- edited 02-14-2014 12:38 PM
I just traded up from an Apple 4s to the Samsung Note 3 ( a wonderful companion to my samsung smart TV's and Home Theaters. I am impressed!!!
One complaint... and its a signifiant one for me.
I absolutely despise My Magazine and Flipboard. This nagging bloatware nearly ruins the whole exciting Samsung Smart phone experience. I really hate when software is forcefully pushed onto customers... and this was a complete surprise.
Would I go back to an iPhone? I am thinking about it.
Get the picture AT&T?
02-15-2014 7:19 AM
I think Samsung is the one that did My Nagazine
You can disable it from messing with your home button. Do this:
Open My Magazine and open the settings from within the app. Uncheck the 'Open using the home key' option.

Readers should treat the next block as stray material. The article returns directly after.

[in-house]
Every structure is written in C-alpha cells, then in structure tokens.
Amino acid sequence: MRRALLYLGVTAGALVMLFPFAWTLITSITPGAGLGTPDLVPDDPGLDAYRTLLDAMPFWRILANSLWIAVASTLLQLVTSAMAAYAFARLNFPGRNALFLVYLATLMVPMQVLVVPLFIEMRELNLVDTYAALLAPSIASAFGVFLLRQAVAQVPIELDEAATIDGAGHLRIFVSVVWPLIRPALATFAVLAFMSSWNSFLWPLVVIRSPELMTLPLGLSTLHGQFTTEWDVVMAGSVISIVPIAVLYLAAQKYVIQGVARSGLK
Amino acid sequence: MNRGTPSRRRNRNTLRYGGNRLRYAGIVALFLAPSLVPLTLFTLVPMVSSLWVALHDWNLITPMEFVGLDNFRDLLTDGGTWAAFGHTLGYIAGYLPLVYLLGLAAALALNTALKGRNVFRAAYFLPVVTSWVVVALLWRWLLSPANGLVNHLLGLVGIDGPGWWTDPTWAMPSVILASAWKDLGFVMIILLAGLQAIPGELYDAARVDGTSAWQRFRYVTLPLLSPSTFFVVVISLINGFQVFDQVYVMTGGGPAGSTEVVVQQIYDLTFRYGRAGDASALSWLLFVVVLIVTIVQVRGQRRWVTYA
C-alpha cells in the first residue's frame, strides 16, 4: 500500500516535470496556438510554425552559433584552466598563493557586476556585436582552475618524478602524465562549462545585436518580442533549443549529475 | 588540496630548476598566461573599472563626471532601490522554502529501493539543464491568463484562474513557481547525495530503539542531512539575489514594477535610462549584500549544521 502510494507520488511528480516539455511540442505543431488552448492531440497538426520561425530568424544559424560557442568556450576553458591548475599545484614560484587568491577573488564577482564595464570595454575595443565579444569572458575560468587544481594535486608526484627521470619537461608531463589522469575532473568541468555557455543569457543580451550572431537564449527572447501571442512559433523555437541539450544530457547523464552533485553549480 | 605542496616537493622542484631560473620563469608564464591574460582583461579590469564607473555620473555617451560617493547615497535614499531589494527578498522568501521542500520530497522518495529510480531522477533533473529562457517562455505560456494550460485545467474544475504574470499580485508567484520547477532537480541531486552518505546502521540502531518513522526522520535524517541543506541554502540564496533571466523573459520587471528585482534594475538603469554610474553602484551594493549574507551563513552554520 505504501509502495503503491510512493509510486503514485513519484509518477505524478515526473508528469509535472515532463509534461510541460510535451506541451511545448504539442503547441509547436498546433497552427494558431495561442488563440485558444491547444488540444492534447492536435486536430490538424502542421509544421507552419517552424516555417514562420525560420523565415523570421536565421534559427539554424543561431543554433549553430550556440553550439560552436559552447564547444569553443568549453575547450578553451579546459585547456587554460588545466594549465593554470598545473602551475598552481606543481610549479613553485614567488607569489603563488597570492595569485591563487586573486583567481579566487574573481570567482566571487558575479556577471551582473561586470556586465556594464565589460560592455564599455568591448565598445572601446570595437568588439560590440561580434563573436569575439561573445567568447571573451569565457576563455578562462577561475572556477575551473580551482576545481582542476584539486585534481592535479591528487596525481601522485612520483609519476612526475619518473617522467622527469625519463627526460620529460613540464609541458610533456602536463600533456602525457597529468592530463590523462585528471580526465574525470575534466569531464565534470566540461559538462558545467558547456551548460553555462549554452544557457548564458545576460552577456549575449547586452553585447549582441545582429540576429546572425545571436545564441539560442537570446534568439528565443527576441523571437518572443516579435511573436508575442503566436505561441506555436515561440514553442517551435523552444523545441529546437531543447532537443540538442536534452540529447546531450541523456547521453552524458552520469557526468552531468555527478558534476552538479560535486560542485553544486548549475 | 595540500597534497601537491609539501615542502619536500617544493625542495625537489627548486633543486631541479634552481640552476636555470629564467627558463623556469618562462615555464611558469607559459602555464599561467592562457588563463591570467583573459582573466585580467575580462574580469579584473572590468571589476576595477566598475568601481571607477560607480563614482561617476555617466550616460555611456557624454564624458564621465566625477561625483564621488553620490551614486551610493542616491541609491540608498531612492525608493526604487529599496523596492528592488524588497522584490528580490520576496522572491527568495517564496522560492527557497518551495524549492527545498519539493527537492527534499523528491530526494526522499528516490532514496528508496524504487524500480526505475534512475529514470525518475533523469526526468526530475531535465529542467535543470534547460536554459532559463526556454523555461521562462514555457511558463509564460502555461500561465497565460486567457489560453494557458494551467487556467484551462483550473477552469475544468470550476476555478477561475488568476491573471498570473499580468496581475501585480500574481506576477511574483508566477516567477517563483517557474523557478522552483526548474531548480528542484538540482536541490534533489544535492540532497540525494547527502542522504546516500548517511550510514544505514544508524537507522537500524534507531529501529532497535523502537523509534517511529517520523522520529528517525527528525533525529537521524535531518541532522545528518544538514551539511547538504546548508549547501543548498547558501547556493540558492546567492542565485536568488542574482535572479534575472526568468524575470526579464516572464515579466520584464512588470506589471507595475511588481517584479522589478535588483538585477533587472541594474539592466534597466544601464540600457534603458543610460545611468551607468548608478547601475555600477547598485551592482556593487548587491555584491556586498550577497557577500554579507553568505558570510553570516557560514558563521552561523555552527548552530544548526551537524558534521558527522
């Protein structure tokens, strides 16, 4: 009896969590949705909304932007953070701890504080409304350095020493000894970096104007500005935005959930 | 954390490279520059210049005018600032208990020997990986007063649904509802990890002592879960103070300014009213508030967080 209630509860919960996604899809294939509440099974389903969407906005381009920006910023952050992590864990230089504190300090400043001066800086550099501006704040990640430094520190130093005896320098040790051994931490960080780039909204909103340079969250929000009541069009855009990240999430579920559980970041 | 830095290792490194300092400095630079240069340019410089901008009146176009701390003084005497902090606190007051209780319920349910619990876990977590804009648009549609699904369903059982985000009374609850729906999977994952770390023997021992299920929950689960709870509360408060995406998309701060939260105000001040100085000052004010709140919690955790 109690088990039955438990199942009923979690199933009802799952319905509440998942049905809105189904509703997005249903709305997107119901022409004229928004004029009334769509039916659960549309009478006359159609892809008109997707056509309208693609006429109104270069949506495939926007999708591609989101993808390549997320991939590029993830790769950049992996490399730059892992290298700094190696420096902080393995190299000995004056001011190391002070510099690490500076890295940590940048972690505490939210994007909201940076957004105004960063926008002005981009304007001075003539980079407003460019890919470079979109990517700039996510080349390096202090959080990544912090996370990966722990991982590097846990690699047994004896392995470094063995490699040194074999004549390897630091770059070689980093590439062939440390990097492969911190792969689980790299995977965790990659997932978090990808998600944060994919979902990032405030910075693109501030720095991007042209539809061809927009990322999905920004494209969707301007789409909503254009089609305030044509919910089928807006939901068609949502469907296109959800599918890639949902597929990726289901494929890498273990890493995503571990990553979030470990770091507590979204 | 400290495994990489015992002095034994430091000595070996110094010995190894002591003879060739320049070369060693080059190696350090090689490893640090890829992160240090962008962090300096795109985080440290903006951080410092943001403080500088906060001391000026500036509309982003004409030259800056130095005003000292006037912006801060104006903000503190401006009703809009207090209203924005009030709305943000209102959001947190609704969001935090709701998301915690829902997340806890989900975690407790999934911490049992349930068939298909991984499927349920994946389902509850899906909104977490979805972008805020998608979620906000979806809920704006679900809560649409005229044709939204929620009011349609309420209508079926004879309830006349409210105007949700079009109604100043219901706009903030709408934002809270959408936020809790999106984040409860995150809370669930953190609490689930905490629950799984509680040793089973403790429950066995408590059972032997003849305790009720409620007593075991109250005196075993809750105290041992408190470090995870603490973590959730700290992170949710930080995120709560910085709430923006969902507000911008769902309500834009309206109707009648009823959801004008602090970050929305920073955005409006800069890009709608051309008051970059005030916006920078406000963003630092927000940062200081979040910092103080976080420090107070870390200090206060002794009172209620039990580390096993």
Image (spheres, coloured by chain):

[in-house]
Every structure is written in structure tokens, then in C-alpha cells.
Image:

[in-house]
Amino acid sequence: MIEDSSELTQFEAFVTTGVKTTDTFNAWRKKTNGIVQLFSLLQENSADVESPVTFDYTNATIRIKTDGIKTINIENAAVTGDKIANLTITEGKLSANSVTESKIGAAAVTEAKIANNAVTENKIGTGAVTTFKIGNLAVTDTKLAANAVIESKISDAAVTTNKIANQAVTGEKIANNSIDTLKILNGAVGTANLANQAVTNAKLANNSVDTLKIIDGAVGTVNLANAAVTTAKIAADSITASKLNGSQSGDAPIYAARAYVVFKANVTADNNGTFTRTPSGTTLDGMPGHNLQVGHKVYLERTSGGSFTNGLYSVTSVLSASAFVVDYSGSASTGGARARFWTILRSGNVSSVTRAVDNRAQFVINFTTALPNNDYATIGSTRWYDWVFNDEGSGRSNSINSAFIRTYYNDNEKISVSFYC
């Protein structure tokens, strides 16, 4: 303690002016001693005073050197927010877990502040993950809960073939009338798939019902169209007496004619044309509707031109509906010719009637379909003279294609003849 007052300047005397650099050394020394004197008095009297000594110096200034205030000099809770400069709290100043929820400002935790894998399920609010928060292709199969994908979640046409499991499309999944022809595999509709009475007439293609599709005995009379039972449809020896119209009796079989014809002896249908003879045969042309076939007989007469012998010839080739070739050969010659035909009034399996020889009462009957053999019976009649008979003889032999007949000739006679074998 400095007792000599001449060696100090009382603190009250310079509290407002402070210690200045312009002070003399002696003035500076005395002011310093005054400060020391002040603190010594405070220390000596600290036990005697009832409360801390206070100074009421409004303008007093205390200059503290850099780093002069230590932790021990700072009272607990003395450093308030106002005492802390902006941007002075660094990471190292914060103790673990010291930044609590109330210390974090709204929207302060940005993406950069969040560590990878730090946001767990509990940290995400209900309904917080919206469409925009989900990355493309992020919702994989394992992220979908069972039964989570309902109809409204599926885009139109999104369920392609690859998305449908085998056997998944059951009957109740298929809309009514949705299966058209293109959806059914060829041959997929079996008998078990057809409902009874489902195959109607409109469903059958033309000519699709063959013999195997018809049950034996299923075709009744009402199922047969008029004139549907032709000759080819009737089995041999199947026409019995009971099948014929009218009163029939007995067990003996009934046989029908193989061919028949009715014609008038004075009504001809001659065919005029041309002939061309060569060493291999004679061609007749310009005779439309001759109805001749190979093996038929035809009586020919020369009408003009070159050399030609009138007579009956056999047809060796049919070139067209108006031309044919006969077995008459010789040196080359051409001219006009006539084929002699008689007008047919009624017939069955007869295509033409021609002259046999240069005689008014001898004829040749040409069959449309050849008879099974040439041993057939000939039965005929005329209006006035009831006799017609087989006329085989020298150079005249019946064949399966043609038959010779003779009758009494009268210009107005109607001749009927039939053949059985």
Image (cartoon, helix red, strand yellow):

The only other option is to switch to a different launcher app. Or root your phone. I don't suggest rooting your phone. So far just turning off the setting has bade it stay away for me.
02-17-2014 10:54 AM
I think Samsung is the one that did My Nagazine
Flipboard is a "standard" Samsung bloatware also. I have a WiFi only (no carrier branding) version of the Note 8, and it has Flipboard.
So its Samsung, not AT&T to blame.
Besides (to the OP) Apple has their own bloatware. Its called iTunes.
02-19-2014 7:54 AM
Every company has there own bloatware and unless you root and rom there isn't much you can do about it. You can "disable" the apps but these days that's the standard. At least on Android you can use ext mem cards to make up for the lack of space (on most devices). The worst Android is still better then the best Apple.
03-28-2014 12:14 PM